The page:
"Apple responded very quickly after we informed them about our findings, and before the release of the new iOS 7 platform," says Han. He expects that the company adopted countermeasures similar to those described in his team's paper, but cannot confirm this since iOS is closed source.

The ongoing debate over open- versus closed-source development will continue to rage among information technology specialists. Nevertheless, Han notes that their attack-app codes could, with some modifications, probably also bypass the permissions-based security model used in Android. "My personal opinion is that closed-source development is not good for security. A cryptosystem should be secure even if everything about the system, except the key, is public knowledge. I think the same principle applies to operating systems."

The A*STAR-affiliated researchers contributing to this research are from the Institute for Infocomm Research.


Story Source:

The above story is based on materials provided by The Agency for Science, Technology and Research (A*STAR). Note: Materials may be edited for content and length.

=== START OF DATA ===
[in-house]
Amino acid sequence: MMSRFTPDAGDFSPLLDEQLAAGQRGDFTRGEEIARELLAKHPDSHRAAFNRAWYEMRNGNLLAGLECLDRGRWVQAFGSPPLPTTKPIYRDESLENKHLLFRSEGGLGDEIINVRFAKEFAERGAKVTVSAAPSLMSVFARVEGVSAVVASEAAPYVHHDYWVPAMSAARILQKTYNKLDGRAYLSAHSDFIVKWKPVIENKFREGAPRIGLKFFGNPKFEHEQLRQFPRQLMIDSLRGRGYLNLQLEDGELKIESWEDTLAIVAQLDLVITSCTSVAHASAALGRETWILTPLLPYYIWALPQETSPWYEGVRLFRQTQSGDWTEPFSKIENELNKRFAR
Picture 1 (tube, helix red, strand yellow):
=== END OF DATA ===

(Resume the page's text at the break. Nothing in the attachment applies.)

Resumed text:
Journal Reference:

  1. Jin Han, Su Mon Kywe, Qiang Yan, Feng Bao, Robert Deng, Debin Gao, Yingjiu Li, Jianying Zhou. Launching Generic Attacks on iOS with Approved Third-Party Applications. Applied Cryptography and Network Security Lecture Notes in Computer Science, 2013 DOI: 10.1007/978-3-642-38980-1_17

Cite This Page:

The Agency for Science, Technology and Research (A*STAR). "Friendly app attacks detect vulnerabilities." ScienceDaily. ScienceDaily, 4 December 2013. <www.sciencedaily.com/releases/2013/12/131204090800.htm>.
The Agency for Science, Technology and Research (A*STAR). (2013, December 4). Friendly app attacks detect vulnerabilities. ScienceDaily. Retrieved April 23, 2014 from www.sciencedaily.com/releases/2013/12/131204090800.htm
The Agency for Science, Technology and Research (A*STAR). "Friendly app attacks detect vulnerabilities." ScienceDaily. www.sciencedaily.com/releases/2013/12/131204090800.htm (accessed April 23, 2014).

Share This



More Computers & Math News

Wednesday, April 23, 2014

Featured Research

from universities, journals, and other organizations


Featured Videos

from AP, Reuters, AFP, and other news services

High Court to Hear Dispute of TV Over Internet

High Court to Hear Dispute of TV Over Internet